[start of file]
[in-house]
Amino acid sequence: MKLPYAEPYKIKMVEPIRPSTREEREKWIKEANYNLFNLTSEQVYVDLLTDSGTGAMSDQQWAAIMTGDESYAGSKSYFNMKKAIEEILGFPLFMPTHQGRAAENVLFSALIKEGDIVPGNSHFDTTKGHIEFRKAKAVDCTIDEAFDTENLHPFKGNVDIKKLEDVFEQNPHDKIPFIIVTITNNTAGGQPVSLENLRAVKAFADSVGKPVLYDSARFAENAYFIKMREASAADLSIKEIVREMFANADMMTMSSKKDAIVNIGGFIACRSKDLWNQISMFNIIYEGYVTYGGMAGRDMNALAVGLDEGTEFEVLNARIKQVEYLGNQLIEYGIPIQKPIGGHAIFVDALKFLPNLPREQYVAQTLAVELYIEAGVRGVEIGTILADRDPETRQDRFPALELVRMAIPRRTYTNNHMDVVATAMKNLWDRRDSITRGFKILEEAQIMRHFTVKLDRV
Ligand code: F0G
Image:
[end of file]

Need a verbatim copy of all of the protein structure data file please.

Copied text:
[in-house]
Amino acid sequence: MKLPYAEPYKIKMVEPIRPSTREEREKWIKEANYNLFNLTSEQVYVDLLTDSGTGAMSDQQWAAIMTGDESYAGSKSYFNMKKAIEEILGFPLFMPTHQGRAAENVLFSALIKEGDIVPGNSHFDTTKGHIEFRKAKAVDCTIDEAFDTENLHPFKGNVDIKKLEDVFEQNPHDKIPFIIVTITNNTAGGQPVSLENLRAVKAFADSVGKPVLYDSARFAENAYFIKMREASAADLSIKEIVREMFANADMMTMSSKKDAIVNIGGFIACRSKDLWNQISMFNIIYEGYVTYGGMAGRDMNALAVGLDEGTEFEVLNARIKQVEYLGNQLIEYGIPIQKPIGGHAIFVDALKFLPNLPREQYVAQTLAVELYIEAGVRGVEIGTILADRDPETRQDRFPALELVRMAIPRRTYTNNHMDVVATAMKNLWDRRDSITRGFKILEEAQIMRHFTVKLDRV
Ligand code: F0G
Image: